The beginning of week 3 found me and 5 friends from UBECI headed to the beach for the weekend! After a long day of work Friday, I arrived home with a couple hours to pack and shower before catching an overnight bus to Guayaquil. However when I arrived home I was ushered to a surprise party for my families 4 year old nephew who lives in the apartment above us. What a blast, chocolate fruit, cake, juice, and lots of games and me dancing for the whole family, I had them laughing pretty good. Time flew by and before I knew it I had to leave for the bus station. As time was of the essence, I skipped the shower, didn’t change my clothes and threw some swim trunks and a towel in my backpack. Our bus left at 10 and after a cold, sleepless night on the bus. We arrived in Guayaquil at 6 am and through confusion and our tiredness purchased the wrong tickets to Montanita and missed the 9 am bus. We returned back to the ticket window to buy different tickets and found a line of 60 plus people and security guards around our window… Apparently everyone wanted to get to the coast. I used my Spanish and explained the mistake and a guard was nice enough to let me in the back way and I got us tickets for the 1 pm bus which we did not miss.
We pulled into Montanita three hours later and were greeted by humid beach air, tan bodies, music, and dreadlocks. The little town was basically party central year round and was home to a lot of young, hip tourists from almost every country. Since we arrived so late in the day almost all the hostals were booked, however we lucked out and grabbed a random little apartment just outside of town by a minute or so. It came complete with two hammocks outside, a patio, a leaky toilet, and mosquito nets. Also the door locked behind you so if you left upon returning you had to climb through the window. My kind of place. The water was warm and the waves were big, perfect for a lot of body surfing and of course some sun burning. Night life there was pretty wild and I am thankful I outgrew my fiesta phase before coming to Ecuador. Instead I settled for some peaceful night swims, wandering through the town and getting into bed before 12. I did unfortunately lose my flip flops one morning as I went for a swim and found them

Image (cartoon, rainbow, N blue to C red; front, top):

gone when I returned. Hopefully whoever has them now is putting them to good use. It was finally time to go and after a full day of riding back to Quito on the bus, I was so happy to get back to work and being with the kids.
My 3rd week at Ubeci included more volunteers coming and saying goodbye to Debra at the end of the week. Debra is this amazing lady from Canada who was volunteering with UBECI. She basically took on the role of everyones mom and was so caring and sweet with all the kids in the market, especially the crying babies who she was able to calm like no other. She took the above picture of me and a few of the little ones on her last day. Very cool to watch and learn from someone who has experience working in orphanages around the world and is simply a kind soul. Being the 3rd week, I recognized a majority of the kids though we still met new ones daily. One of the new ones who stands out most in my mind was “spider-man”. A little boy who loved to pretend to be spider-man and would climb on my back after lunch and pretend I was a car. While it was fun giving him a piggy back ride everywhere, the old me would have simply left it at that. But thanks to experience and practice I have learned to turn something as simple as a piggy back ride into a teaching lesson. We practiced directions, left, right, back, and forward. Every time I came to a barrier in front of me I taught him the directions and made him pick which way we went. At first we made a lot of wrong turns but after 10 minutes and a longer than normal walk back to the UBECI site, he had his directions down. Teachable moments come in almost every situation and game with the kids. From naming colors of blocks they are playing with to having them pick out shapes and animals in books.
There are sad moments in the markets as well however. One little boy, Sergio, showed up this week with huge scabs on his face. He wouldn’t say what happened but it definitely had to hurt quite a bit. I hope it did not come at the hands of an adult, but most likely as the children have a lot of time to run around unsupervised, he probably had a crash and burn moment. He is a sweet little boy but he can be quite the mischief maker, which doubles as an attempt to gain attention. His mom is 21 and works all day as a construction worker. His father is addicted to drugs and largely out of the picture. Therefore he goes to the markets each day with his mothers friend and spends a good deal of his time by himself. I learned this about him after a difficult day where he repeatedly climbed on the windows of parked cars and wouldn’t come down. A good reminder for me to maintain patience when working with these little ones as many have similar stories.